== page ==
Some debut albums hit high on production and musicianship values and yet feel somewhat empty. Tadj Mahall Gates is one of those. Beautifully recorded and featuring lush arrangements that go beyond the standard rock quintet to include oboe, trumpet, and Celtic harp, it remains a bit weak in the songwriting department. Lyrics have a tendency to fall flat and half of the songs fail to leave a memorable imprint. The tracks that do work out are truly worthwhile, though, like the title track, the glorious "Nightmare," "Autumn," and "Carelessness Song," all progressive rock anthems that synthesize the music of the genre's historical figures. Genesis, King Crimson (Lizard/Islands era), and Camel seem to have provided the main influences. Lionel Giardina sings in a refreshing non-theatrical style (rare for French prog rock), relying on a cast of backup singers to ornate his limited range. Frédéric Woff's arrangements are truly wonderful, especially when it comes to keyboards. His use of vintage Hammond organ and Mellotron never comes through as nostalgia-induced. When Aside Beside hits a low, it takes the form of a ballad or more straightforward piece (like "Ghost of Love," "Christmas Time," or "Loneliness"). With stronger melodies and more remarkable words, these could have brought tasteful contrast to the symphonic songs, but they only manage to sound like filler material. Tadj Mahall Gates contains a few really stunning prog rock pieces and fills up the remainder of its hour length with great production. If that's enough for you, check it out.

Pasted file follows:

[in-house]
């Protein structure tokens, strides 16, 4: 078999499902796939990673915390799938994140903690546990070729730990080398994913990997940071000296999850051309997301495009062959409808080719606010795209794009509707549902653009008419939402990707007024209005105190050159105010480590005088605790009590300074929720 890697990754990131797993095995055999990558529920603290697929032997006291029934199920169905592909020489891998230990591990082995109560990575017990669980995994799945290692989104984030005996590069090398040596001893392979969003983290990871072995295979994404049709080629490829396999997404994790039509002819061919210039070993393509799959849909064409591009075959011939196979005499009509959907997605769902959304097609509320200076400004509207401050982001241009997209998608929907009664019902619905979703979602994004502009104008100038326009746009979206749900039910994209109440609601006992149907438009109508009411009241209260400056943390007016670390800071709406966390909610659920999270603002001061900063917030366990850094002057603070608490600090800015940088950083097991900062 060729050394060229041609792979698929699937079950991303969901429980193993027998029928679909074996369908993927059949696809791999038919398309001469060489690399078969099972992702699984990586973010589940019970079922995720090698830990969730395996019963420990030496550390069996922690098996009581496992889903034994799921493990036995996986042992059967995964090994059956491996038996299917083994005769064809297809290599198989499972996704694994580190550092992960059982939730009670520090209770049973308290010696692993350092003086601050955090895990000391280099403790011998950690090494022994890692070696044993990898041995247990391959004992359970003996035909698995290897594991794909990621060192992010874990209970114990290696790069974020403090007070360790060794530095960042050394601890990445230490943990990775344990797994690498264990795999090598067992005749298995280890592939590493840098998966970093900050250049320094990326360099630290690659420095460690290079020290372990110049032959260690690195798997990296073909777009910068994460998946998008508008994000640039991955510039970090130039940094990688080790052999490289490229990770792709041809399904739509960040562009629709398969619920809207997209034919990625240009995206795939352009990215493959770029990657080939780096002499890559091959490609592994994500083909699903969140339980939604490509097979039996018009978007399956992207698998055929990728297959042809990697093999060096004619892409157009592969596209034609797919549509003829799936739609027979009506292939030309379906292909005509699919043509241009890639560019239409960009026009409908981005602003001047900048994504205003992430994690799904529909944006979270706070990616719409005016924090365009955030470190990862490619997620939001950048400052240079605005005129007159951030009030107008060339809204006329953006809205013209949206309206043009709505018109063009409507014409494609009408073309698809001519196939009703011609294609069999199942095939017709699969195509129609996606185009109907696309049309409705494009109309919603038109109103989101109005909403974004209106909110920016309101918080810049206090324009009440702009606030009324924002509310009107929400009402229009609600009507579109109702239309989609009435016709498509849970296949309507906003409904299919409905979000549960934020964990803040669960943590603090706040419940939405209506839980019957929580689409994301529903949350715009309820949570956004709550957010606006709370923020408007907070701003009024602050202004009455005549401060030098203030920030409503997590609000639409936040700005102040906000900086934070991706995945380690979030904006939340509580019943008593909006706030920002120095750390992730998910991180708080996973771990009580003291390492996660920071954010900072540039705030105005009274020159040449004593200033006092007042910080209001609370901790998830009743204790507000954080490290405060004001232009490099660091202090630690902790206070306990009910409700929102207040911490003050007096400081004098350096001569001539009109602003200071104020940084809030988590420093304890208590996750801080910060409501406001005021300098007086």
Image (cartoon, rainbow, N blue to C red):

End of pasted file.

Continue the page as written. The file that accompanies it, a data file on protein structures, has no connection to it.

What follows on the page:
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AllMusic Review by François Couture